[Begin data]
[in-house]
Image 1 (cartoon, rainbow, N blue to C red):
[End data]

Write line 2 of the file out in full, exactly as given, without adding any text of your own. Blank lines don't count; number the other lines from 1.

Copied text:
Image 1 (cartoon, rainbow, N blue to C red):